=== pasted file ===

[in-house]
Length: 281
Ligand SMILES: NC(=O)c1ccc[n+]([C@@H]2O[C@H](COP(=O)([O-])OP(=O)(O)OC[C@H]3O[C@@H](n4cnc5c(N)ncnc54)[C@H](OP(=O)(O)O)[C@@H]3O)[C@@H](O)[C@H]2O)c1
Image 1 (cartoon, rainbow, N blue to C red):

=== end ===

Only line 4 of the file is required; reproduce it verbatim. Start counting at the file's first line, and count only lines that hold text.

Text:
Image 1 (cartoon, rainbow, N blue to C red):